ECOWAS Court to hold its 2021 external court session in Cote d’Ivoire

The Vice President of the Community Court of Justice, Justice Gberi-Be Ouattara says the Court will hold a ten day external session in Abidjan from the middle of October 2021 during which it will relocate temporarily to Cote d’Ivoire with‘ all its arsenal of judges and support staff.’

This is to enable the Court deal with cases in its docket and in fulfilment of its obligation to improve access by bringing the court closer to the litigants.

In an interview with ‘Le Defenseur’, a bi-monthly bulletin of the Ivorian Human Rights Movement (MIDH), the Vice President said the session to be held at the office of the ECOWAS Permanent Representative to the country, is consistent with the statute of the Court which allows it to undertake such sessions outside the Abuja seat of the Court.

Under the statute, he said the Court allowed to choose, each year, a Member State after analysis of cases filed and ‘move there with all its arsenal, all five judges, the registry and supporting staff’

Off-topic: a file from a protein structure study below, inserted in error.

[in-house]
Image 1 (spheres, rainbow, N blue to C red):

The rationale, Justice Ouattara explained, is that since the Court has Community-wide jurisdiction, it can move its sittings to any Member State for the benefit of litigants in the context of its out-of-seat hearings.’

The Vice-President announced that ‘parties will be able to attend the 17- 30th October 2021 session online because of the corona virus pandemic’ while the Court will explore the possibility of allowing non-parties to attend the sessions.

Justice Ouattara had earlier addressed the issues of the mission, objectives and competence of the Court, noting that it is ‘tasked with ensuring respect for the law and the principles of equity in the interpretation of the Treaty establishing ECOWAS, which was revised in 1993’.

He also spoke about the administrative, arbitral and advisory competences of the Court including the amendment of its 1991 Protocol with the additional Protocol of 2005 which informed the Court’s human rights mandate which has become its defining mandate.

Asked about the principle of exhaustion of domestic remedies, Justice Gberi-Be Ouattara said that the principle did not apply before the ECOWAS Court, which diverged from the principle after realizing that ECOWAS citizens will otherwise have to wait for years before being allowed to come before the court which could deprive them of the remedy offered by the Court.

On the challenges confronting the court, Justice Ouattara listed them under three headings to include those related to the reduction in the number of Judges from seven to five with the attendant implications for the management of cases, the reduction in their mandate to a fixed four year term which is uncharacteristic of international courts and finally the execution of the decisions of the Court.